As it becomes cheaper to fit sensors to consumer products, the number of smart devices in a typical home in developed countries could grow to over 500 by 2022, according to a new report by Gartner.
This growth will take place over a decade or so, the technology research firm says, because many home appliances are not often replaced.
As such, a “mature” smart home won’t exist until sometime between 2020 and 2025, although smart home appliances like refrigerators, security controls and fitness gear that sense their surroundings and communicate wirelessly are already here.
Gartner expects these smart devices, which make up the so-called Internet of Things (IoT) where wearables and sensors constantly exchange information, to be updated automatically with new features. They will also become easier to use, thanks to gesture and voice controls.
New business models could emerge in this new IoT world to challenge traditional companies. Gartner cited an example of a service provider that could combine data from low-cost sensors with that of smart locks to create new cloud-based home security services that undercut traditional burglar alarms.
Governments, too, can use IoT to influence consumer behaviour. For example, sensors and smart products could enable differential taxation: the conservation tax on water used for washing could be lower than that on water used to irrigate the garden.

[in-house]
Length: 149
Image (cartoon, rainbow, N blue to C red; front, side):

Just this week, Singapore’s Housing and Development Board (HDB) announced an ambitious plan to use technology extensively in estate management. From next year, it will also test smart technologies in Punggol Northshore, such as a smart car park system that automatically increases the number of available lots during non-peak hours for visitors.
In addition, HDB will provide digital infrastructure in flats to pave the way for smart homes. With such infrastructure in place, residents will be able to use smart home applications to save energy and access services like healthcare.
Despite these advancements, obstacles remain before a fully smart home becomes a reality.
For example, while remote controlled switches and dimmers have been available for years, they are largely used by tech geeks because few consumers see sufficient value. For these smart home products to take off, they must appear simple and easy to use to for non-techies.
Concerns over security and privacy are also potential bugbears, especially as smart devices learn more about their users and collect personal information. The lack of IoT standards could also affect interoperability between devices, though efforts are underway to bring about more standardisation in the industry.
Is a smart home truly within reach? Do you own any smart appliances? Let us know in the comments below!